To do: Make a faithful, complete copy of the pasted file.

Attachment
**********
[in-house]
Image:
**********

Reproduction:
[in-house]
Image: